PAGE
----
Research Integrity webinar series update
26th September 2013
After three successful introductory webinars (attended by over 40 academics from around the globe including countries such as Russia, Japan, Denmark, Norway, Australia, USA and more) on the topic Research Integrity/Responsible Conduct for Research training and how to engage your research community we are progressing the discussion. In the next webinar in the Research Integrity series Professor Nick Steneck asks:
How can we assess the impact of Reseach Integrity training? Sign-up for our seconnd webinar with Prof. Nick Steneck
Epigeum looks to build Research Integrity community
Last Wednesday (21st August 2013) saw the second in a series of three webinars aimed at university staff who have responsibility for the planning and delivery of Research Integrity (RI) or Responsible Conduct of Research (RCR) training programs at their respective institutions.
Professor Nick Steneck, Director of the Research Ethics and Integrity Program of the Michigan Institute for Clinical and Health Research and Professor Emeritus of History at the University of Michigan, presented his thoughts on the ways in which the audience could engage researchers in RCR/RI training. To watch an edited, 30-minute version of the webinar click on the link below:
The two webinars (held in July and August) have attracted a wide range of audience members from across the globe including countries such as the USA, UK, Australia, Brazil and Russia. This clearly highlights the international need to address the problem of varying standards of research practice. Epigeum will be hosting one further introductory webinar on the topic, which will take place on the 18th of September, please sign up for this webinar using the registration link below:
In October Epigeum will host a fourth RI webinar which will build upon the first three webinars and cover the topic of 'assessment' in relation to RI/RCR. This is a challenging and sensitive area for research managers, but one which is increasingly important as the political landscape begins to force more and more institutions to ensure that high standards of research are being met.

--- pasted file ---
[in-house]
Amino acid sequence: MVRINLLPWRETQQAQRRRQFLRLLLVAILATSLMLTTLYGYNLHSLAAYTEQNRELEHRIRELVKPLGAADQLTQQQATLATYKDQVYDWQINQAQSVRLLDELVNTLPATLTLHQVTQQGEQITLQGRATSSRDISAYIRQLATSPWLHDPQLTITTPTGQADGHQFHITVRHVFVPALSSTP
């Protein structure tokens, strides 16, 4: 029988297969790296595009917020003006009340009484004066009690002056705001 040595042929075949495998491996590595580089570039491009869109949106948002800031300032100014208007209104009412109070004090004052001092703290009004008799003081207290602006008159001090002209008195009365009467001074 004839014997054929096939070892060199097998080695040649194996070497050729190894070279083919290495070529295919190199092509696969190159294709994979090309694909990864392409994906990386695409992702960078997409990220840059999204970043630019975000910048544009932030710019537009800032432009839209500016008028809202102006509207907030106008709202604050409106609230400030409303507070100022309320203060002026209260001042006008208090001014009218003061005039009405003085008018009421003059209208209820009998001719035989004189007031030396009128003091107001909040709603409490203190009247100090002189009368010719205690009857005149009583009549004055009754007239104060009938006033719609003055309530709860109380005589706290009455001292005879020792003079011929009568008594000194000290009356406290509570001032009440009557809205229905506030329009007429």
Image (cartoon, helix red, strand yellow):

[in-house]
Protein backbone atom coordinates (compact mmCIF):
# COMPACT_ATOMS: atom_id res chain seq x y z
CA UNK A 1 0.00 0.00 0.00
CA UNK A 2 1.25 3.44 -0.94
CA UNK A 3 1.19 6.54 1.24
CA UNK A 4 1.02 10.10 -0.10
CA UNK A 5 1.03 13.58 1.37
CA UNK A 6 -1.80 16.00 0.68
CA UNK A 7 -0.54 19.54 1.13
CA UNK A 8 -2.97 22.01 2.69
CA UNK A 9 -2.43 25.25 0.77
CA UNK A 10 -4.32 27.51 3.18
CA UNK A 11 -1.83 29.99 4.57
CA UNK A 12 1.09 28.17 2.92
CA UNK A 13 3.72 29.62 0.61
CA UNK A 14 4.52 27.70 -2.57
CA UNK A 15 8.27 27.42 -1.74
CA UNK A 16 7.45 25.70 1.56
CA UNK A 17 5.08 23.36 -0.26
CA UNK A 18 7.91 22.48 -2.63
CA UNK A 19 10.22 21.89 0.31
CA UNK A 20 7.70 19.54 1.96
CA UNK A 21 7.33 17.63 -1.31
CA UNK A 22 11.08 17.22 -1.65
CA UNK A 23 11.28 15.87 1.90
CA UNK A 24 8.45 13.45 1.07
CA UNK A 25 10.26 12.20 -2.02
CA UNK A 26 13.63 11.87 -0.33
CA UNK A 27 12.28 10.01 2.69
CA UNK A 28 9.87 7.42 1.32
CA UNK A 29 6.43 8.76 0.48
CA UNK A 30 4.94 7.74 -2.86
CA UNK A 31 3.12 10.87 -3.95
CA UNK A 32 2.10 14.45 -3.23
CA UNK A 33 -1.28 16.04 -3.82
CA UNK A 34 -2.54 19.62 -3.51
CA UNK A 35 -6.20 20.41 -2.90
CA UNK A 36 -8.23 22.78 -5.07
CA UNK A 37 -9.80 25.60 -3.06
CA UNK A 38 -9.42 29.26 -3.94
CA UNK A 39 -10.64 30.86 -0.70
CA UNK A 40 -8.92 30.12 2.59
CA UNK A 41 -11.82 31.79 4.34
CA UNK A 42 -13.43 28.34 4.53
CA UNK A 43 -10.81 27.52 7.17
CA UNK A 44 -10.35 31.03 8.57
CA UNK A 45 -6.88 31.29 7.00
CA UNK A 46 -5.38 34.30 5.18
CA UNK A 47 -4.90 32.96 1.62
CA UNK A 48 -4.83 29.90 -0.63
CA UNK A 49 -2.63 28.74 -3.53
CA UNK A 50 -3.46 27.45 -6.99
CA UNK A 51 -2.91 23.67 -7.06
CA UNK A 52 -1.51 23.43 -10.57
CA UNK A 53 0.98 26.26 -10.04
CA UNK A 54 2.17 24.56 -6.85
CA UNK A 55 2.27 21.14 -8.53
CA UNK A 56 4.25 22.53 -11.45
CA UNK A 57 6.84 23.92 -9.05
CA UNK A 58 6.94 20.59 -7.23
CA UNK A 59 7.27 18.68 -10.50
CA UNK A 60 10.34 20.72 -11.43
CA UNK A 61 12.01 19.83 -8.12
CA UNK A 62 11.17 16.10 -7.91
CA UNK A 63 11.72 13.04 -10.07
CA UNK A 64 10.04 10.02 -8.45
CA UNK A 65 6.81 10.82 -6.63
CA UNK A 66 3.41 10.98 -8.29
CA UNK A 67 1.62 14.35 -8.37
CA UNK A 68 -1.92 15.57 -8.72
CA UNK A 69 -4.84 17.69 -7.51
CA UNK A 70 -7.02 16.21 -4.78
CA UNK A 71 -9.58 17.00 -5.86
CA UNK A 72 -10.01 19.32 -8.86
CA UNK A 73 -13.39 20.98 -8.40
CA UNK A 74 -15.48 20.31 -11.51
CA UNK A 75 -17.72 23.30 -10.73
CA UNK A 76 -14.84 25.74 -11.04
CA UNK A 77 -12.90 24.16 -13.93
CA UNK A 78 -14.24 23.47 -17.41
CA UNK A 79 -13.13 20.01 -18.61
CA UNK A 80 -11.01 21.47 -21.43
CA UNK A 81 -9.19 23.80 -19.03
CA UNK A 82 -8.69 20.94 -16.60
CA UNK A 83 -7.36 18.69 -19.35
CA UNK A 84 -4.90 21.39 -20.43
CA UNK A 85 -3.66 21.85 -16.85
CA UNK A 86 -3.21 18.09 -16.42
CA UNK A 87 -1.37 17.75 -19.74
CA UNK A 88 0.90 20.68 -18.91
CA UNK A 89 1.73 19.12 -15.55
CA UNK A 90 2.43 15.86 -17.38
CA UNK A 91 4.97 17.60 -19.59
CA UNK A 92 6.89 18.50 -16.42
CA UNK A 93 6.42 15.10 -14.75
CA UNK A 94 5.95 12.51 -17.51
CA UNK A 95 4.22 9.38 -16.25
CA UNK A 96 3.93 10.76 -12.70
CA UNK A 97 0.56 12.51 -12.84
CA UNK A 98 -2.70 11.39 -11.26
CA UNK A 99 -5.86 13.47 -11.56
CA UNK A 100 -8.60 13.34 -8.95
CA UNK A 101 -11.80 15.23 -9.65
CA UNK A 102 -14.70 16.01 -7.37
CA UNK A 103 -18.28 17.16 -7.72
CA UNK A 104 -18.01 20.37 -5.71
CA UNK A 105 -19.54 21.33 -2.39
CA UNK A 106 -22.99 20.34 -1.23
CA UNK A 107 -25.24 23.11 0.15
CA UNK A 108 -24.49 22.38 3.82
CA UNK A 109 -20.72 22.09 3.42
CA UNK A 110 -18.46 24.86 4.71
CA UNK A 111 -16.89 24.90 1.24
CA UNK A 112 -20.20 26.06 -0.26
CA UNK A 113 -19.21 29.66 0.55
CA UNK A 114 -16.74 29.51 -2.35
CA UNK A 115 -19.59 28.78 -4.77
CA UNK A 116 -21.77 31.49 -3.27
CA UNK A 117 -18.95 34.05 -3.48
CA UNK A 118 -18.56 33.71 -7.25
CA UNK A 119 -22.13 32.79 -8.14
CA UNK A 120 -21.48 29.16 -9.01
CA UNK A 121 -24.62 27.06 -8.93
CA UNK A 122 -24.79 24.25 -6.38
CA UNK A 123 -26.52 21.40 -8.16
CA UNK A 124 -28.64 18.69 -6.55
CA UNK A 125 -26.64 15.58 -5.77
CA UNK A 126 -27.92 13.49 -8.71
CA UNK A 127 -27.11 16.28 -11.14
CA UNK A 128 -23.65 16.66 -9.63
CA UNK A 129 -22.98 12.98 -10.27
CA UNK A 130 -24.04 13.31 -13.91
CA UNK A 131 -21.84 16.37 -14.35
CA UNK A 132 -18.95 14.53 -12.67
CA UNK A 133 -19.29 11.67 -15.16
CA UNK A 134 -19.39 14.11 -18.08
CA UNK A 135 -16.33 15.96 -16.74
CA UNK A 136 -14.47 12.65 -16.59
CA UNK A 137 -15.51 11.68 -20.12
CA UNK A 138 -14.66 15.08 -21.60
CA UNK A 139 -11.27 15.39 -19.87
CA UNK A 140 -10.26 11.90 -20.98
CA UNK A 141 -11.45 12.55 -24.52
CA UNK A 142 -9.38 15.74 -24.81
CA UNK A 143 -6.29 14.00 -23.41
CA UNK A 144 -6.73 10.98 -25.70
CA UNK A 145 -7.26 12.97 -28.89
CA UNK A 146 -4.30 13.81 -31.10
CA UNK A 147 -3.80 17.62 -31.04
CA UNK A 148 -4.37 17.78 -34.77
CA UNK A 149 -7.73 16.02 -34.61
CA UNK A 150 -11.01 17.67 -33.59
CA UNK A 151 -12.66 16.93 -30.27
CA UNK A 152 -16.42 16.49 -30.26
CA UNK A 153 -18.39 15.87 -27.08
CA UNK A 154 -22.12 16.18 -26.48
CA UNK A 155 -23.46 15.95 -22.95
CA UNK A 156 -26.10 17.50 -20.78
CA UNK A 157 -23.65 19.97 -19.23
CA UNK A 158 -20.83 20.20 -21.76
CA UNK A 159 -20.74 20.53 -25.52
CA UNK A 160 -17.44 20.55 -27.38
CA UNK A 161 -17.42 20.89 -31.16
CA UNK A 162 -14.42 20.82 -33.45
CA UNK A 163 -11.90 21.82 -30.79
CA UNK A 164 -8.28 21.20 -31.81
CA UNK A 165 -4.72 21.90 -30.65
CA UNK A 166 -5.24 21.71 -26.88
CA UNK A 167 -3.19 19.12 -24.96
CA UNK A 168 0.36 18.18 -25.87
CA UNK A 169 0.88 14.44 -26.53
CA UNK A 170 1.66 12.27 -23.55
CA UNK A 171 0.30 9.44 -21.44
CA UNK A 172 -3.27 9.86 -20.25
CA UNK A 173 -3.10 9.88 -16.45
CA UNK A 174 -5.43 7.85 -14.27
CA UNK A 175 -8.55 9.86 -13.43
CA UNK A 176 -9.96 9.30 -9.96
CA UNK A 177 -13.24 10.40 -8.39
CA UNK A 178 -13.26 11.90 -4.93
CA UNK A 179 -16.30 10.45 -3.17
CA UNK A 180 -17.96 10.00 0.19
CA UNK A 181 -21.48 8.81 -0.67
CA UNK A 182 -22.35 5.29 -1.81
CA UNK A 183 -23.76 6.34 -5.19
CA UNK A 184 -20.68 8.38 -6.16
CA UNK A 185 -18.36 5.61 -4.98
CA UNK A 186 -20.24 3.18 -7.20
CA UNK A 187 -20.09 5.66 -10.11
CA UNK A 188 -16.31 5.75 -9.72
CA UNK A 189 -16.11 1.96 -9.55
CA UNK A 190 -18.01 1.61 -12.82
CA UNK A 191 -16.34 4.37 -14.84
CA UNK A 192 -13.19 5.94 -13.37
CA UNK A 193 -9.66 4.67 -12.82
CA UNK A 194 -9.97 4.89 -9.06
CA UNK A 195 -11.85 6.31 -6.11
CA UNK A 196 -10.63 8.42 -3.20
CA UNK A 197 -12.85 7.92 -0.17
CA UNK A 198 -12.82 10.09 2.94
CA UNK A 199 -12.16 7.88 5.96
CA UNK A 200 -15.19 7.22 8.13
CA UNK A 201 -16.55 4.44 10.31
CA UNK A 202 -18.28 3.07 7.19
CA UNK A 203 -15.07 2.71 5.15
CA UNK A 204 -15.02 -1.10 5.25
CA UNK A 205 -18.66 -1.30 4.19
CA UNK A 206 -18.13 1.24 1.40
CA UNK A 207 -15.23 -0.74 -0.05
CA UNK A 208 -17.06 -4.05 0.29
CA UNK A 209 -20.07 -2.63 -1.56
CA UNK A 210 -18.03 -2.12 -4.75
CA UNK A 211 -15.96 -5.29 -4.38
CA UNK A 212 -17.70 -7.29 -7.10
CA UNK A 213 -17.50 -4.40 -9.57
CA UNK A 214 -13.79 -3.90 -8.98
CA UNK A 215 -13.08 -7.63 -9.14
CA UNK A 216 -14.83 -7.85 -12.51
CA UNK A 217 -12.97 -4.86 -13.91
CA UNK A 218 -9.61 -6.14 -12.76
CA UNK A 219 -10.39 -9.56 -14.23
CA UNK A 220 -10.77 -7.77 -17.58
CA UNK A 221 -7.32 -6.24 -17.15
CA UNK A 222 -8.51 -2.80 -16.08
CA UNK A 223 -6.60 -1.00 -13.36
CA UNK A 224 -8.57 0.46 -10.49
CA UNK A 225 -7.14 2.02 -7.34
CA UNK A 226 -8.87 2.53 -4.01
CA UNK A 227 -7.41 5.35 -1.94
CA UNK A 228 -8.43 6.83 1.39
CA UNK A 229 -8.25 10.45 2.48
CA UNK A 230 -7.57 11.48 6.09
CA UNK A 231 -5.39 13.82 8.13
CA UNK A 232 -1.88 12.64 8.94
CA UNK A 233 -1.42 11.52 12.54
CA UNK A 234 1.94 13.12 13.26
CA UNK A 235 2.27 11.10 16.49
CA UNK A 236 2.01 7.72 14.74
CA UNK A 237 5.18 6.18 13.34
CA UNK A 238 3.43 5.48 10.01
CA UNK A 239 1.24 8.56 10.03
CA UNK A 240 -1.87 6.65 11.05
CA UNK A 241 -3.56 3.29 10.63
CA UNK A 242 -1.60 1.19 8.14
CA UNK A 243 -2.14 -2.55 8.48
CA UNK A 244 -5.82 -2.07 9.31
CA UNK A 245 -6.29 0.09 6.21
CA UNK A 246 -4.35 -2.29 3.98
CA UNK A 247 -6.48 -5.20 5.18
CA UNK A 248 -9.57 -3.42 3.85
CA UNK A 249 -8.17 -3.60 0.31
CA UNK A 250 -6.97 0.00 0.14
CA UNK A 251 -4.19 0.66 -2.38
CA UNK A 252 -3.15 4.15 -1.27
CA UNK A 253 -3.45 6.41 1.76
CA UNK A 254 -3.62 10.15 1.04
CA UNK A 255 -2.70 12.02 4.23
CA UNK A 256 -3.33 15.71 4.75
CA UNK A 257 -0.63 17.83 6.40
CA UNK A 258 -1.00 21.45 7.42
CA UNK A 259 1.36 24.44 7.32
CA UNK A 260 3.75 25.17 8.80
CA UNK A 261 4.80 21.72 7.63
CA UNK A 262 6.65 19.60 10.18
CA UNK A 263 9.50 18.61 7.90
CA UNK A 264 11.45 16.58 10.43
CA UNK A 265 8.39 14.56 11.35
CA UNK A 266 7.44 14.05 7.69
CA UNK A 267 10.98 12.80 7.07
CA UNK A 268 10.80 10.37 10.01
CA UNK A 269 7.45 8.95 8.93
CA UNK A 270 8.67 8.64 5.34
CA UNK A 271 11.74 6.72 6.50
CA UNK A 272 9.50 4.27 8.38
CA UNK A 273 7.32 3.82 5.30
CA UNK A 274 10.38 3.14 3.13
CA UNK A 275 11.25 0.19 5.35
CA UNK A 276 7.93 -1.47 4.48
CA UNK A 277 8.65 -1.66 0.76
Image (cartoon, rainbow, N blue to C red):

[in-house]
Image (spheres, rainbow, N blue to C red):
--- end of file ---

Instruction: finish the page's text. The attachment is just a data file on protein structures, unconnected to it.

Statistical Methods for Researchers development underway!
On 25th July, Epigeum’s 12th collaborative workshop took place, for the latest course program entitled ‘Statistical Methods for Researchers’. Development group members from participating universities, Epigeum staff, and the Lead Adviser Sandro Leidi descended upon 170 Queen’s Gate for the event. University representatives provided valuable input regarding the content of the courses and Sandro’s statistical prowess shone through. The workshop was a resounding success – many thanks to all who attended.
Research Integrity training moving up on the agenda
23rd May 2013
The 3rd World Conference on Research Integrity, sponsored by Epigeum, took place earlier this month from the 5th-8th May in Montreal, Canada. On a balmy Sunday evening in the bilingual UNESCO City of Deisgn (one of twelve with this title*) delegates descended on the Montreal Hyatt from all corners of the globe including Brazil, China, Taiwan, Saudi Arabia, Denmark, Belgium, Finland and the Netherlands to name but a few. Three days of talks and discussion focusing on the issues of misconduct and poor practice in research ensued, with some fantastic plenary talks including one from Daniel Ariely, Professor of Psychology and Behavioral Economics (Duke University, USA), summarizing his insights on the human tendency towards cheating: To see him talk about our fascinatingly buggy moral code follow this link.
Opening plenary talks were delivered by Prof. Nick Steneck (University of Michigan, USA), Tony Mayer (Nanyang Technological University, Singapore) and Michael Farthing (University of Sussex, UK). Nick Steneck, who has worked with Epigeum on the Research Integrity online programme, framed the issues facing researchers from a historical perspective and highlighted the lack of uniformity in approaches to dealing with cases of research misconduct between countries. In his most recent article in Science, Steneck puts forward the case for a global cooperation in tackling these problems and the benefits of harmonising responsible conduct for research (RCR) training.